Your Success is (Not) My Success

Jealousy and envy, often thought of as “ugly” emotions, can actually be traced back to the psychology of early humans, where they were crucial to survival. The extensive psychology of these complex emotions still hold very much true today.

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By Shayan Maybody

“Treat others the way you want to be treated.”

“Be kind, for everyone else is fighting a harder battle.”

“Your success is my success.”

Widely known expressions such as these are taught as mottos to live by when in reality they are quixotic. It’s one thing to feel happy for someone, but it’s another for their success to make you happy. Jealousy or envy doesn’t make you a bad person or friend—it is a natural psychological instinct that can be traced back to early humankind.

From an evolutionary standpoint, emotions are adaptive responses to environmental stimuli that will increase the chances of survival. Since higher success is often associated with a greater chance of survival, it makes sense that humans are constantly striving for a higher degree of accomplishment. Whether it is early hominids striving for more food or people today achieving higher levels of education, humans are always looking to move up. However, as opposed to what may seem logical, the trigger of envious emotions is not always correlated with the value of the reward. Rather, it seems that the obtainer of the reward and their relationship with you is more telling.

“Relevant social circle” is the idea that people tend to envy those who are most comparable to them. In this context, “comparable” can mean someone of similar age, background, education, or opportunities (say a classmate, sibling, or friend). For instance, if you were asked whether you would be more envious of a classmate who won a local competition or the winner of the Nobel Peace Prize, the answer would almost always be your classmate. However easy this question is to answer, it does not make much sense logically—a Nobel Peace Prize is so much more of a greater accomplishment than winning some high school writing contest that the comparison is almost comical. This strange pattern then begs the question of why these emotions do not parallel the discrepancies between the rewards.

If a person is comparable to you in relevant areas but perhaps slightly better, there is more motivation to move closer to their standing because it seems more attainable. This idea can also be supported from an evolutionary perspective: it is a waste of time and energy to get on the same level as someone much higher than you because fewer resources are required to achieve a more realistic goal. Access to the achievements of someone comparable to you is something of a low-hanging fruit.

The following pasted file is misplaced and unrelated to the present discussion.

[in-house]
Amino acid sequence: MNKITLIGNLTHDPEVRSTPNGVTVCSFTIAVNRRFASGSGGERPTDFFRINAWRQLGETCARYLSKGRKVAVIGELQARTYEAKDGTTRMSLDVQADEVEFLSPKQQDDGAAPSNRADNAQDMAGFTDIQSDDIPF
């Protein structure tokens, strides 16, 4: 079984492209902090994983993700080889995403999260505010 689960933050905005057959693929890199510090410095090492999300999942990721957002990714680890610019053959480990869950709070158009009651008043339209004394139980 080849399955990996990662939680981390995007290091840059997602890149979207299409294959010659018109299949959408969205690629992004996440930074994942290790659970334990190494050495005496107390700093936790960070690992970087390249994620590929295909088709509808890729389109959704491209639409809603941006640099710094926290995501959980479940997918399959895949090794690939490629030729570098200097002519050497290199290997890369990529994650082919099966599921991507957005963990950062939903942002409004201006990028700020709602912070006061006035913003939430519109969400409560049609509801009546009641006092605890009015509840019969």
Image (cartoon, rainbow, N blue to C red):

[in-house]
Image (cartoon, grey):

These emotions, which are triggered by the desire to gain resources, can be generally divided into two categories: jealousy and envy. Though they have two different meanings and connotations, both feelings are affiliated with reactions to someone else with desirable resources. Jealousy is about wanting to take someone else's resource for yourself and depriving them of it, such as taking someone’s doughnut out of their hand and eating it. Meanwhile, envy has a more positive connotation and is related to the desire of wanting to gain the same, or better, resources independently, which in this case will be going to Dunkin’ Donuts and buying your own doughnut.

Envy can be further divided into three categories: depressive envy, hostile envy, and benign envy. In depressive envy, you may feel that someone else’s success represents your own failure. For example, if your friend has an internship over the summer, it may make you think that you are not doing enough. In contrast, triggering anger rather than sadness, hostile envy is where you may be rooting for another person’s failure. In this mindset, you would prefer to be failing together rather than failing alone. Hostile envy may seem very aggressive, but it is entirely intrinsic in our minds. If you take an extremely difficult test, it feels better to know that everyone else had the same experience—it’s only natural. The final type is benign envy, which, as the name suggests, seems like the most positive type. In benign envy, people pay close attention to the accomplishments of those that they envy, with more of a “that’s so impressive” attitude. On the surface, there doesn’t seem to be anything wrong with this mindset, but in actuality, it is not constructive. By fixating and overhyping the successes of others, you tend to be ignorant of your own successes and areas to improve, constricting self-esteem and personal growth.

These emotions are evolutionary instincts and are almost inevitable, but there are many ways that you can channel them toward something more constructive. First of all, it is important to recognize, rather than block, any envy that you may feel. Identify the thoughts that you usually have after hearing about someone’s success, and modify them. For instance, you could change “they are a success, and I am a failure” to “their success doesn’t undermine my own.” Thinking about what you want to achieve in life and starting to take the steps toward them may help you feel more fulfilled and less sensitive to envious emotions.

Contemporarily, survival tends to not be the main focus of life. Despite however much we and the world around us have evolved, one thing remains steadfast: the human will to succeed. No matter which area of life this holds true to you, we are always trying to improve ourselves, often for the betterment of others, too. This could not be more relevant than at Stuyvesant, a school filled to the brim with ambitious people with incredible accomplishments. It’s important to recognize that everyone is fighting for the same thing and that everyone is a product of the same evolutionary fight. And that, ultimately, your success is everybody’s success.